Katrina Was a Hurricane, Not ‘Divine’ Payback

There has been plenty of blame, much of it justified, about the official response to Hurricane Katrina. And there will be plenty more in the weeks and months ahead, long after the waters recede.

I’ve covered a few natural disasters – fires and earthquakes mostly, devastating for sure but nothing close to what is playing out across the Gulf Coast. But I do know that no matter what the circumstances, the response must be planned, must be coordinated, and most of all, must be overwhelming. So when singer Harry Connick Jr. is the only “official” to visit the New Orleans Convention Center all week, something is wrong.

But now is not the time for blame. Soon, but not now.

Now is the time to get people off their roofs and out of harm’s way. Now is the time for water and food, milk for babies and medicine for the sick and dying. Now is the time for compassion and action, no matter what side of the poverty line someone lives on.

And while we might debate the response, there should be no debate about the cause. In other words, religious leaders such as Rabbi Lazer Brody, who thinks the hurricane is “payback” for U.S. support of the Gaza pullout, should keep their Bible code nonsense to themselves. Likewise, religious blowhard Franklin Graham should keep his mouth shut, instead of proclaiming on Fox News that the trouble in New Orleans is what happens “when we take God out of our schools and out of our country.”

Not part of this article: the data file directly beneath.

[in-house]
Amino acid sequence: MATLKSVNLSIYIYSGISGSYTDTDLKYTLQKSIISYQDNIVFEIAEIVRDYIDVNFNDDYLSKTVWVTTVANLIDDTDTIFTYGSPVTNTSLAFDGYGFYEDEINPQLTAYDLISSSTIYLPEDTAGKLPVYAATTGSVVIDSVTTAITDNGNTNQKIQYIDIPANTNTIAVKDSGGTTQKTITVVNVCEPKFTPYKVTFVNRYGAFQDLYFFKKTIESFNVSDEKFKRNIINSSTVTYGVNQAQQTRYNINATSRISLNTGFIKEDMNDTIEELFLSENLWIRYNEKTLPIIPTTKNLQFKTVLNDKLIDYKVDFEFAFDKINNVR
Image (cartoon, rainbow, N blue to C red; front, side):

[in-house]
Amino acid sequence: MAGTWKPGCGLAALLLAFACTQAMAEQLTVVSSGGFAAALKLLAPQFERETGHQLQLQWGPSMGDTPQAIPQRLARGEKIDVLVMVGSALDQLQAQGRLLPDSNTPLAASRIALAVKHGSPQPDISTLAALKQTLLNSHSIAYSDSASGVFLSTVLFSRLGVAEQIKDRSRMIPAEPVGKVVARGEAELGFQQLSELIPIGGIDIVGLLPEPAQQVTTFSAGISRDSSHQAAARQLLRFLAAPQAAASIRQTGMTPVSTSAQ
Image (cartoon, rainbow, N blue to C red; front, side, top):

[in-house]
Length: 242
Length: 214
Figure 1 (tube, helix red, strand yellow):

This was a hurricane – not God settling a score, not a clarion call for school prayer, but a nasty mix of water and wind that has left millions displaced and likely thousands dead. To suggest otherwise is ignorant and self-serving – or in House Speaker Dennis Hastert’s case, when he told the Associated Press that “It makes no sense to spend billions of dollars to rebuild a city that’s seven feet under sea level,” just plain insensitive.

The hurricane was nobody’s fault. The response, well, that is for another day.

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